Webhook Notifications

Instead of manually monitoring all events in your experience and requests from users, you can set up webhooks to receive real-time notifications on a third-party messaging tool or your custom endpoint that can receive HTTP requests. This helps you automate your notification management workflow to reduce manual effort handling notifications.

Webhook Workflow

Webhooks send real-time notifications or data between two different applications or services, such as Roblox and a third-party messaging tool. Unlike traditional APIs, which require you to set up a client application to send requests to a server to receive data, webhooks send data to your client endpoint as soon as an event occurs. They're useful for automating workflows between Roblox and third-party applications that you use for collaborating with your team, as they allow for real-time data sharing and processing.

Once you set up a webhook, whenever a target event occurs, Roblox sends a request to the webhook URL you provide. The webhook URL then redirects the request to your receiving application or custom endpoint, which can take action based on the data included in the webhook payload. This could include erasing data for GDPR, sending a confirmation to the user, or triggering another event.

Supported Triggers

Roblox currently supports the following event triggers for notifications:

  • Subscription Cancelled - When a user cancels a subscription, a message is sent containing the subscription and subscriber, as well as the reason given for the cancellation.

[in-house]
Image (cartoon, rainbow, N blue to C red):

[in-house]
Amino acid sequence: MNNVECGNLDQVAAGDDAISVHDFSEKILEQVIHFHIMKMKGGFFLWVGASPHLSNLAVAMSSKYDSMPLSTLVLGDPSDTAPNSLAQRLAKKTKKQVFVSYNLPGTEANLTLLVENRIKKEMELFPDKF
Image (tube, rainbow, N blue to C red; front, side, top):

• Subscription Purchased - When a user purchases a subscription, a message is sent containing the subscription and subscriber.
  • Subscription Refunded - When a user receives a refund for their subscription, a message is sent containing the subscription and subscriber.
  • Subscription Renewed - When a user renews a subscription, a message is sent containing the subscription and subscriber.
  • "Right to be forgotten" data deletion requests under the General Data Protection Regulation (GDPR).

For more information on subscription events and their fields, see the Cloud API Subscription reference.

Configuring Webhooks on Creator Dashboard

To receive notifications through webhooks, you need to configure a webhook that subscribes to certain events for triggering notifications. For group-owned experiences, only group owners can configure and receive webhook notifications.

To set up a webhook:

  1. Navigate to the Webhooks section of the Creator Dashboard.
  2. Click the Add Webhook button.
  3. Complete the configuration fields:
    1. Webhook URL — Specify the URL where you want to receive notifications and accept incoming webhook URLs from third-party entities. For more information on the requirements, see Setting up Webhook URLs.
    2. Name — Use a custom name to differentiate your configuration from others. By default the value is the same as the Webhook URL.
    3. Secret (optional) — Supply a secret if you want to verify that notifications you receive are coming from Roblox. For more information, see Verifying Webhook Security.
    4. Triggers — Choose one or more options from the list of supported triggers of events for which you want to receive notifications.
  4. Click the Save Changes button.

Setting up Webhook URLs